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John1

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John1 last won the day on November 24 2018

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About John1

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    People's Democratic Republic of Massachusetts
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    All sorts of nefarious activities

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  1. I have to say, it’s truly a relief that you guys didn’t see any planes that weren’t there while you were there. Unless you weren’t officially “there” in the first place. However, I’m wondering if you didn’t see any planes that didn’t exist while you were there? There is a difference you know...
  2. I'm going to be starting the Tamiya 32nd scale Mossie shortly (will be a later war Coastal Command aircraft). Have a question on the radio configuration. In reading the Aviaology instructions for one of their decal sheets ( https://www.ultracast.ca/AOD32033-The-Coastal-Strike-Wings-p/aod32033.htm page 10), they mention that to accommodate the Gee unit (which is included in the Tamiya kit) and it's associated R-1355 receiver (which is not), the original radios (R1155 receiver and T1154 transmitter) were both removed from behind the pilot's seat. This is a bit disappointing since I just purchased the exquisite Barracuda resin radio set for the Mosquito and was looking forward to using them. So questions - Does anyone have detailed pics of the Gee installation on the FB.VI? The info in the Aviaology sheet above, also mentions a control panel for the Gee system affixed to the port aft canopy frame work. Does anyone offer the complete Gee system in resin or PE? I've read that some Coastal Command Mossies also had a tail warning radar. Any info on the antenna and/or cockpit display would be much appreciated. John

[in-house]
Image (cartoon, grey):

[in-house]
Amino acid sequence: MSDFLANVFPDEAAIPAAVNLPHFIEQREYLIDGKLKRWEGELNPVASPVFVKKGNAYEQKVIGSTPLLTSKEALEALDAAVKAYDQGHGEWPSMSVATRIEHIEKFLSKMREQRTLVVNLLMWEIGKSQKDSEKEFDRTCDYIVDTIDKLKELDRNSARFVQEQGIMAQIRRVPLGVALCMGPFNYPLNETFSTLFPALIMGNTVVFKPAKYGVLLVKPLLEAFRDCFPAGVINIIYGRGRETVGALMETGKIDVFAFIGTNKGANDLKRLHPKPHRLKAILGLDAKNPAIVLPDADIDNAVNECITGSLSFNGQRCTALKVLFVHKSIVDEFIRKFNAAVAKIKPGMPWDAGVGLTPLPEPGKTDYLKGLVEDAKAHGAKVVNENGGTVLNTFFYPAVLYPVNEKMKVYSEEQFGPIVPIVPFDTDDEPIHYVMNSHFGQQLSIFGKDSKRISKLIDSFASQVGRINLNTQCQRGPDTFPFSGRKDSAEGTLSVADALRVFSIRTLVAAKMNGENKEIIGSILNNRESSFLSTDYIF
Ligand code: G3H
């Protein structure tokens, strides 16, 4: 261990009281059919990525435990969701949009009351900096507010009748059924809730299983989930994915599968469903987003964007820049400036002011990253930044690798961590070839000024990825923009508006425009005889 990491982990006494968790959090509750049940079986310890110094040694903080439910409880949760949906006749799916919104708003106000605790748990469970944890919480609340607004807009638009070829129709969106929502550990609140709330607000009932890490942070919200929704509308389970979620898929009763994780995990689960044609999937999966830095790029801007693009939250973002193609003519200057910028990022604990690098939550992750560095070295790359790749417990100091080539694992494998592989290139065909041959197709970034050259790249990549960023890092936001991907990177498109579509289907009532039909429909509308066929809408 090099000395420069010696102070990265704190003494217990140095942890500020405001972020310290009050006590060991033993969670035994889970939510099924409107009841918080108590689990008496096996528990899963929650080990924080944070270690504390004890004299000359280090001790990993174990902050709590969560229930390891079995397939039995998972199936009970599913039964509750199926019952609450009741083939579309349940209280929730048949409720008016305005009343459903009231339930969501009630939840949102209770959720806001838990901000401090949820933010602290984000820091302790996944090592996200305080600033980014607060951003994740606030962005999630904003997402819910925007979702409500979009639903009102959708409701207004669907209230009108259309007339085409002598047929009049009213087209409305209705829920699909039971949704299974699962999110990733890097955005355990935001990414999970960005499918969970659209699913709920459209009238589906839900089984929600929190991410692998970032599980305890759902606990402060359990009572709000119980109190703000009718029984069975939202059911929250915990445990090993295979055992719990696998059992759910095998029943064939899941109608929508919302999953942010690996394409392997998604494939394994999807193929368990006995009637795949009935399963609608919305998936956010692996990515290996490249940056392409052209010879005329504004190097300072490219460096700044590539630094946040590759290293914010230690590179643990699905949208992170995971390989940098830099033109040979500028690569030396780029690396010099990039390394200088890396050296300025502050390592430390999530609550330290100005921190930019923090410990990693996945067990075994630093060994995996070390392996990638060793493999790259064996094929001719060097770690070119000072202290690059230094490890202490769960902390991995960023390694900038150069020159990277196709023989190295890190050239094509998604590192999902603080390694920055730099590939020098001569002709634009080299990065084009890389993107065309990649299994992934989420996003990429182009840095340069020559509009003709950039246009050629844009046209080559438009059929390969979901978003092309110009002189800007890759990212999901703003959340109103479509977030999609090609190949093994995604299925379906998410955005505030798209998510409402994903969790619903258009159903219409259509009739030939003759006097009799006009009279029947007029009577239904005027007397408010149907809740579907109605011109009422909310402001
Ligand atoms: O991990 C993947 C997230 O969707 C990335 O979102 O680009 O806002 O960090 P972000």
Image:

3. Works for me, I think it’s an awesome choice. I love slightly off- beat subjects.
  4. Question on the real thing - how common was this aircraft? Was it just a one-off mod or did these re-engined P-40's see service in significant numbers?
  5. Just a few pics of (hopefully) better quality:
  6. Great examples since you can compare fresh paint to the original on the same airframe.
  7. Thanks very much guys! Next up is the MG access door. The Tamiya part is a bit simplified and doesn't include the exterior locking levers (which should be extended when the door is open) and interior latches. Here's a pic that shows how the real thing looked. In addition to the door latches, there is a large handle next to the aft ammo feed. Also note the thin support rod on the right hand side of the door. I started off by carefully removing the recesses for the two exterior locking levers. When these are opened, you can see through this straight into the MG bay. I drilled a few holes with my pin vice and then used an X-acto knife to carefully remove the remaining material. I then used thin strips of PE to replicate the levers. As shown above, in the open position, they actually protrude through the opening into the inside of the door. One thing Tamiya does include is a nice decal that closely replicates the large loading instruction placard on the interior of the door. Here is how it looks from the frontal aspect. Sorry for the less than clear picture, I really need a better camera! Note that you can (barely) see all the way through the lever recesses. Also note the locking (I'm guessing) lever in the vertical position by the ammo feed tray. I replicated this from a piece of plastic card, carved, sanded and bent per the original. Also added some tiny bits of scrap PE and plastic for the mounting bracket. Here is how it looks on the backside. Note that the door is just press-fitted in place so the support rod is out of position. This will be in the proper spot once I glue it in permanently. Also note that I haven't done final touch-up painting and weathering. Sorry for the crappy pics but you can (barely) see the door's latching mechanisms. Also, one thing I neglected to mention before, later Mustangs (not sure if they came from the factory like this or were mod'ed later in life), had the fuel drain accumulator vent intake housing removed. In it's place was just the recess for the scoop and the drain opening. The Tamiya kit has the scoop molded to the fuselage (it will be interesting to see if they addressed this with their F-51D kit, the way the part is designed, I'm guessing they didn't). I carefully carved the scoops away (it's present on both sides) and drilled the drain openings. On some F-51D's, the recessed area was painted red, I'm not sure if my subject had this or not, still researching. Here is a nice reference for some late Mustang exterior mods. I'll be adding the g-suit opening and battery drain at the end of the build. And a final crappy picture. I'll try to post better pics later. As always, thanks for looking!